Randy was beginning to show signs of social anxiety, a condition that would worsen.

He would make a friend but then avoid a social situation. He would plan to eat at a restaurant, but upon arriving he would stand at the entrance, nervously looking at the layout of the tables and the number of people. “We would have to leave or I would get a panic attack,” he says. Within the realm of football, he was an uneasy teammate. When he walked into the locker room, he would assess the fastest way to get to his locker while encountering the fewest number of teammates.

The more anxious he became, the more he wanted to self-medicate. “Weed wasn’t the problem,” Gregory says. “It was the solution to my problems, which was another problem in itself.”

Fifty-nine players — including eight edge rushers — were chosen ahead of him in the 2015 NFL Draft. When then-coach Jason Garrett called to tell him he was a Cowboy, he was the last player in the green room.

The Cowboys assigned him an accountability partner shortly after. The partner lived with Gregory, made sure he kept appointments, drove him where he needed to be and paid his bills. Over four years, five accountability partners lived with him, and later with him and his wife and child. It became clear the accountability partners weren’t accomplishing what they were intended to, so eventually the Cowboys let Gregory run.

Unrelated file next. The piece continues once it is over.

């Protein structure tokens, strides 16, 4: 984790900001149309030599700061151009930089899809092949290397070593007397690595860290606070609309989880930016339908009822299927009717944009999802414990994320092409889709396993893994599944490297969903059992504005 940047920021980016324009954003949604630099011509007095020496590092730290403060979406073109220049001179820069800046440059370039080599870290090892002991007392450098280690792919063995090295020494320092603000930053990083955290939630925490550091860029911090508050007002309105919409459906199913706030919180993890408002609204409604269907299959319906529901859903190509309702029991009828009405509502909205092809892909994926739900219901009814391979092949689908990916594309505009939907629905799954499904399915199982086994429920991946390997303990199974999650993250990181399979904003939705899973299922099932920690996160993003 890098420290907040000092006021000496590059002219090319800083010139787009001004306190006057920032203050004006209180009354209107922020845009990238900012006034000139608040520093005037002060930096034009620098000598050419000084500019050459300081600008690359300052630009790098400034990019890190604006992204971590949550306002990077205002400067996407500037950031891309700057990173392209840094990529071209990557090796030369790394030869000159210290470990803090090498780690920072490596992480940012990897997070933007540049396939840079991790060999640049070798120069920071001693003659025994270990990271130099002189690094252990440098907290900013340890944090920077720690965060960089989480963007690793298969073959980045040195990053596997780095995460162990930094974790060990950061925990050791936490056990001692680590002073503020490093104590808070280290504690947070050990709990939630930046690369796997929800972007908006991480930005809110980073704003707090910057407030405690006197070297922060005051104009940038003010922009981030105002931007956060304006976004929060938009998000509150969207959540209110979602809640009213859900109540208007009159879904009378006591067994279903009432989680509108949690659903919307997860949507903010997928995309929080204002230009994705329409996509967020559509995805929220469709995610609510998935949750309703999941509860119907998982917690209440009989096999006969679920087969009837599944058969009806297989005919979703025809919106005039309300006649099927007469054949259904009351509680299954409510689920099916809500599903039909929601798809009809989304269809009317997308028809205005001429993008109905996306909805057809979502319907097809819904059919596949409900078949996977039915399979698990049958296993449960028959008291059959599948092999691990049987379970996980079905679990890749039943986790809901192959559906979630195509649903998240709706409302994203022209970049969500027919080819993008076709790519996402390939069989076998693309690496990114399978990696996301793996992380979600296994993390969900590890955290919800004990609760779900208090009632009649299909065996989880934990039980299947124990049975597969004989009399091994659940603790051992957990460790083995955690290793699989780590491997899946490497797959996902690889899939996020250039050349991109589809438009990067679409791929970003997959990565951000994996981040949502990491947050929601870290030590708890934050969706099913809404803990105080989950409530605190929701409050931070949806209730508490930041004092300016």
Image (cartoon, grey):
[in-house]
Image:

Marijuana made him feel at ease and always was his first drug of choice. But with the Cowboys, his world expanded.

Gregory says he started dabbling in party drugs — cocaine and ecstasy. However, when he took party drugs, he usually took them at a party of one, in his home.

Every time he failed a drug test, he says, it was for marijuana. His first suspension, for four games, came in his second year in the league. Before he could come back, he was hit with an additional 10-game suspension. He played two games before being suspended for the entire 2017 season. He returned for the 2018 season, but then the following February was hit with an indefinite suspension, with which he missed 22 games.

Everything was a struggle for most of the first four years of Gregory’s NFL career. And all of it, from the way he saw it then, was someone else’s fault.

“He got to a point,” his ex-wife, Nancy Koryga, says, “where he didn’t care about anything.”

It was unsurprising, then, that he did not like himself very much.

“I was talking to myself, calling myself every name in the book, telling myself I amounted to nothing,” Gregory says. “It was all day, every day, to the point there was no chance I was going to be doing anything in my life. During those times when I was like that, if I smoked, the negative talk would go away. I would relax, calm down.”

The skunky, piney stink of weed has followed Gregory.

These days, though, you might notice a hint of the minty, musky smell of sage around him.

Or the fresh, clean, floral aroma of Open Roads incense.

It might be the pungent, crispy-cool smell of wintergreen chewing tobacco. He likes Copenhagen long cut.

Or you could get a whiff of the sweet, rich smell of Black & Milds.